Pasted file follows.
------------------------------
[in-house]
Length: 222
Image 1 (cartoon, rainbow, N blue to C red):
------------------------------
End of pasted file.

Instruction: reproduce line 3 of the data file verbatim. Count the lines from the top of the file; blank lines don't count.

Image 1 (cartoon, rainbow, N blue to C red):